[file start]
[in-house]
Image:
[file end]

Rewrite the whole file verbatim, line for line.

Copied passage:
[in-house]
Image: